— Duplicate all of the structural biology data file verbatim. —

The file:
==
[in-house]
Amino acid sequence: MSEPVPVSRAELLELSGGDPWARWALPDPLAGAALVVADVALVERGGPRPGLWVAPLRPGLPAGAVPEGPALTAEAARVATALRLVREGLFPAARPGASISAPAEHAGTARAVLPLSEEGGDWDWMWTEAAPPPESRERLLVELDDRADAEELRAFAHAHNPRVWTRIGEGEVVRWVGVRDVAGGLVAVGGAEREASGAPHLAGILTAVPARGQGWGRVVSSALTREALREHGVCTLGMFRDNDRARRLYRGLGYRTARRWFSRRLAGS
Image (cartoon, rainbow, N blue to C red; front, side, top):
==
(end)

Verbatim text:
[in-house]
Amino acid sequence: MSEPVPVSRAELLELSGGDPWARWALPDPLAGAALVVADVALVERGGPRPGLWVAPLRPGLPAGAVPEGPALTAEAARVATALRLVREGLFPAARPGASISAPAEHAGTARAVLPLSEEGGDWDWMWTEAAPPPESRERLLVELDDRADAEELRAFAHAHNPRVWTRIGEGEVVRWVGVRDVAGGLVAVGGAEREASGAPHLAGILTAVPARGQGWGRVVSSALTREALREHGVCTLGMFRDNDRARRLYRGLGYRTARRWFSRRLAGS
Image (cartoon, rainbow, N blue to C red; front, side, top):